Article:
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CIA Got Too Cozy with the Bad Guys

There's a really intriguing story in The New York Times concerning the CIA's relationship to a major figure in the Afghanistan drug trade, Haji Bashir Noorzai: An Afghan's Path From Ally of U.S. to Drug Suspect by James Risen.

The best line: "In Afghanistan, finding terrorists has always trumped chasing drug traffickers," said Bobby Charles, the former top counternarcotics official at the State Department.

At times, there was confusion within the government about what to do with Mr. Noorzai. In 2002, while he was talking to the American officials in Afghanistan, a team at C.I.A. headquarters assigned to identify targets to capture or kill in Afghanistan wanted to put him on its list, one former intelligence official said. Like others, he would only speak on condition of anonymity because such discussions were classified.

The C.I.A. team was blocked, the former official recalled. Although he never received an explanation, the former official said that the Defense Department officials and American military commanders viewed counternarcotics efforts in Afghanistan at the time as a form of “mission creep” that would distract from the fight against terrorism. . . .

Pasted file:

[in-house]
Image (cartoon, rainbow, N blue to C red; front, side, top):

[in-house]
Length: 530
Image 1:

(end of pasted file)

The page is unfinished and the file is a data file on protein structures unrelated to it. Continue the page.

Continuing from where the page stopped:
D.E.A. officials say . . . Mr. Noorzai was a major figure in the Afghan drug trade, controlling poppy fields that supplied a significant share of the world’s heroin.

. . . in January 2004, Mr. Charles, the State Department official, proposed placing him on President Bush’s list of foreign narcotics kingpins, for the most wanted drug lords around the world.

At that time, Mr. Charles recalled in an interview, no Afghan heroin traffickers were on the list, which he thought was a glaring omission. He suggested three names, including Mr. Noorzai’s, but said his recommendation was met with an awkward silence during an interagency meeting.

There is a subtext of symbiosis here; a deeply mutualistic relationship between the CIA and the Afghan (and even world) drug trade. The development of such relationships was obviously a big mistake.

Oh, by the way, this is Ground Hog Day.